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The first subway opened in Georgia’s capital Tbilisi on January 11, 1966, back when the country was incorporated into the Soviet Union as one of its Soviet Republics. The first subway stations were designed when the Soviet Modernism, a new stage in Soviet Georgian architecture, gained a foothold to replace the style introduced in the period of Stalinist empire. This transition was related to certain domestic policy changes and a relative degree of freedom allowed under the totalitarian regime.
Chronologically, the stations in Kyiv, Ukraine and Baku, Azerbaijan (1958-1967) are the closest ones to those designed in Tbilisi compared to the stations from any other Soviet city. Notably, however, old trends are most vividly reflected in the architecture of the Kyiv stations.
The Tbilisi subway consists of two lines, with the second one added in 1979, still under the Soviet rule. In terms of architectural design, the stations built along these two routes differ from each other: architectural composition of the stations from the 1960s features both overground and underground sections, while the stations on the second line showcase only overground structures. The present article distinguishes three architectural types of Tbilisi subway stations: 1) overground stations without underground sections (Didube and Elektrodepo (modernday Gotsiridze) Stations, both designed by architects Nikoloz Lomidze and Givi Modzmanishvili); 2) Stations with both overground and underground sections, with the overground structures incorporated into the other buildings (Train Station Square (modern-day Station Square) designed by architects Revaz Bairamashvili and Davit Morbedadze, also Lenin Square (modern-day Freedom Square) designed by architects Revaz Bairamashvili, Vladimer Aleksi-Meskhishvili, and Ketevan Kobakhidze, and the other stations), and 3) stations with standalone overground pavilions designed near or directly in garden squares. For example, Rustaveli (architects: Levan Janelidze and Otar Kalandarishvili), 300 Aragveli (architects: Tamaz Tevzadze and Giga Batiashvili), Nadzaladevi (architects: Tamaz Tevzadze and Ramaz Kiknadze), and Isani (architects: Nikoloz Lomidze and Givi Modzmanishvili).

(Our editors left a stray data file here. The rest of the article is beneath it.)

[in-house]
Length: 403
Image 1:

What makes the architecture of Tbilisi’s subway stations different from their counterparts is their individualistic approach. They usher in modernist trends in the Georgian architecture of that time: simplicity of form, large open glass facades facilitating active communication between the natural environment and interior architecture, and the use of thin-shell architecture technology - all these features were new to both: Georgian and Soviet architecture. All stations share one common decorative feature - relief sculpture, which is made of stone and metal panels, the latter being especially popular during this period because of the growing interest in medieval Georgian metal sculpting. Using metal reliefs is a characteristic Georgian architectural décor of the 1960s. Equally noteworthy is employment of color ceramic panels and mosaics.
The subway stations are useful for studying the period of the Soviet Modernism from the ideological and national
points of view and considering the subsequent changes in the post-Soviet era.